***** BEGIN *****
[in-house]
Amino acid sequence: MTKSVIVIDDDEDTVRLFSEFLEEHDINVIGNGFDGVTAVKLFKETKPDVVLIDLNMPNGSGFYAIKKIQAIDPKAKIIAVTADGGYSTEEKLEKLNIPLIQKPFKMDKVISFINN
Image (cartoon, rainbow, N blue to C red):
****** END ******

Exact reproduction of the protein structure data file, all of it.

[in-house]
Amino acid sequence: MTKSVIVIDDDEDTVRLFSEFLEEHDINVIGNGFDGVTAVKLFKETKPDVVLIDLNMPNGSGFYAIKKIQAIDPKAKIIAVTADGGYSTEEKLEKLNIPLIQKPFKMDKVISFINN
Image (cartoon, rainbow, N blue to C red):